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Rules on ICOs to boost confidence of investors

Mar 17. 2019
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The Security and Exchange Commission’s (SEC) increasing role in regulating Initial Coin Offerings (ICOs) will boost investors’ confidence in the new fund-raising method, according to an expert in blockchain.

“Instead of letting individual parties conduct their own ICOs, it is better to have an official process of collecting the relevant information as it will provide more protection for investors,” said Paul Sin, a consulting partner with Deloitte China and Deloitte’s Asia Pacific Blockchain Lab Leader based in Hong Kong. 

ICOs are a fundraising method for cryptocurrency companies, similar to initial public offerings (IPOs). However, more often than not, they are not regulated by a central government agency with cryptocurrency companies tending to bypass the rigorous and regulated capital-raising process required of venture capitalists or banks.

The SEC has proposed rules for data submission from digital asset business operators and ICO portals. The proposal aimed to promote a clear understanding and a standardised protocol for monitoring and supervision of digital asset businesses as well as reducing the need for data submission on a case-by-case basis, the regulator said.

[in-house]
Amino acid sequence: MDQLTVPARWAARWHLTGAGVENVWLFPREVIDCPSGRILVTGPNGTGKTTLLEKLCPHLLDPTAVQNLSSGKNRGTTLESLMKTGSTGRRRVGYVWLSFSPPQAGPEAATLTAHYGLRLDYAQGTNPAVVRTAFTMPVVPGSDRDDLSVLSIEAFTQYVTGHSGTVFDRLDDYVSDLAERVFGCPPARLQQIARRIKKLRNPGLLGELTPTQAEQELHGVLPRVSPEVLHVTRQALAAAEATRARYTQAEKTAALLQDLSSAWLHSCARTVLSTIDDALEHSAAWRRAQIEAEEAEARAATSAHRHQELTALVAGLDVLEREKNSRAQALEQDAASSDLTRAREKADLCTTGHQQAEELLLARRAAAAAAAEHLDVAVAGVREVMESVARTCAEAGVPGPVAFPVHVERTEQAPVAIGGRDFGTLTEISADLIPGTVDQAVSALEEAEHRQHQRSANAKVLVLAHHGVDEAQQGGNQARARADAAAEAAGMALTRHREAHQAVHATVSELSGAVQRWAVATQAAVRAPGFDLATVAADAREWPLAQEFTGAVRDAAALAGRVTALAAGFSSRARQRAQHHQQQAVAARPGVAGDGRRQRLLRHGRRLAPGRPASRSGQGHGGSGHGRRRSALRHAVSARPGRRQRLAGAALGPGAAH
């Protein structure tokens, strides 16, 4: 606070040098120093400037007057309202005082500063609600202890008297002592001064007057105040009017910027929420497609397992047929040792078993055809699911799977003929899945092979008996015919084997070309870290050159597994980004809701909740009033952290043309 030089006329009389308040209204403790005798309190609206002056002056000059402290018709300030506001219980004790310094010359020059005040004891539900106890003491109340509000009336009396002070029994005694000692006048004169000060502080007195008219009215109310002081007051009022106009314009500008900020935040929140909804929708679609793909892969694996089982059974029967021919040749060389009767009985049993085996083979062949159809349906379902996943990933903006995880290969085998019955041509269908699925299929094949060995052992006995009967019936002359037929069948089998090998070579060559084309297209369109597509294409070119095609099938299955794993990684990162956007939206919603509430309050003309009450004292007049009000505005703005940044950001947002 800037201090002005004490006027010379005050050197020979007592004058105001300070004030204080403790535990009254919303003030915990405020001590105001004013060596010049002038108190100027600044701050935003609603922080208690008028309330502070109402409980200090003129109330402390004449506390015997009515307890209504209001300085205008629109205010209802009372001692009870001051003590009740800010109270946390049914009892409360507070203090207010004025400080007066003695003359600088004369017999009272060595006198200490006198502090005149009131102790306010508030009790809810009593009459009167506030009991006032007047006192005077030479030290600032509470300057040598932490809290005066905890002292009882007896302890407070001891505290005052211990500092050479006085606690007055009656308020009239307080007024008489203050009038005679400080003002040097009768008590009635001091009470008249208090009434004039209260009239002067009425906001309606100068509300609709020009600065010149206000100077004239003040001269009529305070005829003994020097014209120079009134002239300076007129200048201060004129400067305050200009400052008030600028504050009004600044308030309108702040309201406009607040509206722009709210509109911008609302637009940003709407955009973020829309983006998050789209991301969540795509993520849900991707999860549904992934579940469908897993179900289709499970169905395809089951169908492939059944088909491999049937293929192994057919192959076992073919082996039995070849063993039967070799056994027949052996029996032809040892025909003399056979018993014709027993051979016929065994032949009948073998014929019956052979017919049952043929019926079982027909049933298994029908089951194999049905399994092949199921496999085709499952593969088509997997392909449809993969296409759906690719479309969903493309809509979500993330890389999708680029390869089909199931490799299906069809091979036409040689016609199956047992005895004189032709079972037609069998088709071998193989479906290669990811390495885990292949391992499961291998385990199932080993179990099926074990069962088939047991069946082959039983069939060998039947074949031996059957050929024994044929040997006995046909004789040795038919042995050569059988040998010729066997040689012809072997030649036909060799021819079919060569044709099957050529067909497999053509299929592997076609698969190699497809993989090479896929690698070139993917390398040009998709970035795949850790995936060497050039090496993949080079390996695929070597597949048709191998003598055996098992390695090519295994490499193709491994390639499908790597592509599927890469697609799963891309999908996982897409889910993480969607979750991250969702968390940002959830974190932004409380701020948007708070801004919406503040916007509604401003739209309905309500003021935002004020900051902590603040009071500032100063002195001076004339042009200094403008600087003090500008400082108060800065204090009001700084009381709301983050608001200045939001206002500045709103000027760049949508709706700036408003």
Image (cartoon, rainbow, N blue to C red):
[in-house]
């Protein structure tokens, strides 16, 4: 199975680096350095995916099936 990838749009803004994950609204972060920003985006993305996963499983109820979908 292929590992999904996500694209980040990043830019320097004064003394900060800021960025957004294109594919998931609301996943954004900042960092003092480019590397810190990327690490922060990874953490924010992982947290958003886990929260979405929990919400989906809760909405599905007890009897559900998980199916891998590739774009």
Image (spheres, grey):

Under the SEC proposal, information required by its office are, firstly, transaction data including the volume and proportion of allocated digital tokens, allocation price, trading orders, trading price and volume, transactions related to deposit withdrawal and the transfer of digital assets or money. Secondly, the profile data of customer, company and product profile must also be submitted to the watchdog. 

Enforcing regulations on the process of ICOs, however, comes with the risk of discouraging cryptocurrency startups who may move their offerings abroad, said Achari Suppiroj, director of the SEC’s fintech division, in a separate interview with The Nation last year. 

“Our challenge is to strike a balance in the regulatory framework for cryptocurrency startups not to be discouraged while investors feel safe investing in ICOs,” she said.

Meanwhile, Sin did not expect the proposed measures would pose a barrier for smaller firms planning an ICOs. 

“I do not think the proposed regulations would make it more difficult for them. If there is no regulation, there is no protection for investors, and they will feel skeptical about investing in ICOs,” Sin said, adding that the lack of investor confidence is more of a negative factor than official regulations. 

“When firms are checked and regulated, investors will be more confident. That is better for the market,” he said.

“However, there will always be risks in investing in ICOs,” he said.  Investors should be well-informed on their target of investment and not solely dependent on government regulations, Sin concluded. 


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